DeVos CARES Act Order Funnels Millions to Wealthier Private Schools

The CARES Act was supposed to support struggling public schools. Instead, U.S. Education Secretary Betsy DeVos is directing these funds to private and parochial schools, some of whom have already received funding from PPP loans.

Michigan is part of a group of six states, including the District of Columbia, suing U.S. Department of Education Secretary Betsy DeVos for redirecting millions of dollars to private schools under the CARES Act. 

“In Michigan specifically, you’re talking about $16.4 million going to private school students who are not low-income, that would otherwise have gone to students in places like Flint, Detroit and Grand Rapids.” – Koby Levin, Chalkbeat 

Michigan Attorney General Dana Nessel has called this move by Secretary DeVos an unlawful interpretation of the CARES Act, which gave $31 billion in aid to K-12 schools.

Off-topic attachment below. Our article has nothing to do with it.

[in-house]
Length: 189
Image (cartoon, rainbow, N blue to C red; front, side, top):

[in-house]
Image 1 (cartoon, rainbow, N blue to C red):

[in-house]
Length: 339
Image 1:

Listen: How Secretary DeVos order impacts private and public school education funding.


Koby Levin is a reporter for Chalkbeat who covers inequity in schools and has been reporting on Michigan’s involvement in a lawsuit against Secretary DeVos over school Coronavirus funding. 

Levin says that DeVos’ intent was for both private schools and public schools to benefit from the relief package, as many private schools are expecting reduced enrollment due to the pandemic. Despite the expected economic strain, “in Michigan, millions of dollars, if not tens of millions, are actually going to private schools and parochial schools, so they are getting some support from the government in that way,” says Levin.“The school dollars that DeVos wants to send would be in addition to that support.” 

Levin explains that the debate around school funding should be framed around the divide between low-income and affluent students instead of public and private schools, which leaves more room for nuance when determining who actually needs support. 

“The shift that Betsy DeVos is making would have the effect of moving a substantial amount of money from schools that enroll those low-income kids to schools that enroll more affluent kids, who are going to have more protection from the many challenges of the virus anyways,” says Levin.

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